Monthly Archives: April 2015

dot 36: trace[s]

I made the flames lick the surface of the painting in such a way that is recorded the spontaneous traces of the fire. But what is it that provokes in me this pursuit of the impression of fire?

Why must I search for its traces?

– Yves Klein –

This question resonates with me. The quest to capture invisible traces fuels my art making. It is what draws me. It is what inspires me. Like Klein, I have often wondered what the driving force behind it could be. From where the impetus…?

Klein was drawn to use fire as can be seen in this short film where he performs his 1962 ” Fire Painting” series. Here, the traces of pouring water are clearly visible, capturing the tracing as it happens in real-time. It is a mesmerizing moment. It is a moment of truth.

The act of tracing is a spiritual experience for me. It is distanced from the ego-self. It requires a humility in order to channel and be channelled. It is soundless, silent, happening, movement, journey, pathway and time. It is anchored in the corporeality of being.

Recently, I had the privilege of seeing a specific image by the late Namibian photographer, Paul van Schalkwyk. Having noted the image in an article on van Schalkwyk by Tiara Walters in The Sunday Times (April 12 2015), nothing could have prepared me in seeing the actual Etosha Pan (2010). This image, depicting gemsbok moving across a dry Etosha Pan records the traces of the gemsbok’s movements. It is vast, isolated and lonely. It is reflects hardship and endurance, set in temporality. The driving force here is the search for water, the giver of life in the Etosha Pan.

Perhaps it is a similiar search, the search for traces. It’s the search for life.

Etosha
Etosha Pan (2010)   C-Type Lightjet Print   80 x 120 cm    [The Sunday Times]
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dot 35: [art]speak

It becomes extremely hard not to speak in the language in which you are being spoken to.

– David Levine –

I recently became intrigued with the idea of what ‘artspeak’ is after having read an article about the South African ceramicist Lucinda Mudge. Mudge’s recent pieces have been chosen to be shown at the Guggenheim Museum in Bilbao later this year.

What I find interesting about Mudge’s story is the fact that she is able to combine both global and local references whilst suspended in a treehouse in the vicinity of the Keurbooms area. The article sketches Mudge’s working environment as one in which she is surrounded by nature, highlighting the fact that she is totally removed from “artspeak.”

Re-reading Emma Jordan’s article ‘Firing our paranoia in clay’ in The Times I started wondering whether the production of unique artwork requires keeping artspeak at bay? Put differently, does artspeak influence originality negatively ..?

David Levine and Alix Rule explored the impact of artspeak in the art world in their extensive 2013 research project International Art English (IAE). In an interview with Levine and Rule by  Andy Beckett, Levine says:

 “You can’t speak in simple sentences at a museum and be taken seriously. You can’t say, ‘This artist produces funny work.’ In our postmodern world, simple is just bad. You’ve got to say, ‘This artist is funny and …'”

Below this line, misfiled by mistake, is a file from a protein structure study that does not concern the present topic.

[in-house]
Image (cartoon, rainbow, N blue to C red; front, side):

Yet there are artists who are seemingly able to manoeuvre themselves through and beyond artspeak’s net. An artist I can relate to for her thought-drawings and interest in sound and movement is Claire Cote’. From her Manifesto 2: I am for an able-art (2008), inspired by the form of Claes Oldenburg’s 1962 ‘Statement’, Cote’ writes:

I am for an art that is…..
open-able-close-able-soci-able- whimsic-able-politic-able-compos-able-recycl-able-understand-able-land-able-float-able- edib-able-simpl-able-complic-able-flexib-able-sandwich-able-fabrica-able-slam-able-clam-able-flam-able-ram-able-cram-able-frame-able-unit-able-beautif-able.

Elsewhere, in her Manifesto 3: I am for an able-art (2008), Cote’ writes that:

  • I am for art that lives in silence, but knows when to yell.
  • I am for an art that draws thoughts and maps ideas.
  • I am for an art that excavates thoughts and puts them haphazardly on universal shelves.
  • I am for an art that catalogues thoughts with made-up systems that take a lifetime to learn.

Cote’ is clearly able to think freely, imagine freely and speak freely. Her creative expression has not been netted by artspeak. Perhaps in the same way Mudge, safely hidden from artspeak in her treehouse, therefore is able to create her subversive pieces. At least here, language is hers to speak even if spoken differently in the [art]world.

LASERS IN THE JUNGLE: An Exhibition of 27 Vases by Lucinda Mudge, The Gallery at Grande Provence, Franschoek South Africa. 20 April 2014
LASERS IN THE JUNGLE: An Exhibition of 27 Vases by Lucinda Mudge, The Gallery at Grande Provence, Franschoek South Africa. 20 April 2014

For Claire Cote’ s full manifesto: here.

dot 34: empathy

And how does it feel as a viewer to be shown how that war felt to them that survived it?

 – Mariama Ross –

This question applies as much to us today in South Africa as it did to viewers of the exhibition Representations of Violence: Art about the Sierra Leone Civil War (2005). Here, the art coordinator for the show, Dr. Mariama Ross, questions the position of  those  ‘bearing witness’ to images of violence.

Having been exposed to the atrocities of the current South African xenophobic attacks via the media over the last 2 weeks or so, it has been horrifying to witness the level of unchecked hatred for fellow Africans by other South Africans. Reminiscent of the 2008 xenophobic upsurge I am again at a loss to understand how a nation – having exited from apartheid themselves – are able to inflict the same evil towards their fellow African brothers and sisters.